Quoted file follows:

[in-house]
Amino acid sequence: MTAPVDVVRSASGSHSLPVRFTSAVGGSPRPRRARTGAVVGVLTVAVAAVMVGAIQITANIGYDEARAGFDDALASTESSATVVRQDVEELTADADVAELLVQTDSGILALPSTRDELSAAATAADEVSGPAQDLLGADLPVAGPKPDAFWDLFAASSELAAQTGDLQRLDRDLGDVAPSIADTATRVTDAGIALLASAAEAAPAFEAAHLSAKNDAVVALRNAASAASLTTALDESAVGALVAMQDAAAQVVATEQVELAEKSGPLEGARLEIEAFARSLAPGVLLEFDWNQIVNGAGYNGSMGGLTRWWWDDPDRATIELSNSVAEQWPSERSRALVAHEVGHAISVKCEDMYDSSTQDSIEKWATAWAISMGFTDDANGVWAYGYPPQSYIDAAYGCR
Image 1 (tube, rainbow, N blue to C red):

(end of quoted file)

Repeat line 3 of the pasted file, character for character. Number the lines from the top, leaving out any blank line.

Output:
Image 1 (tube, rainbow, N blue to C red):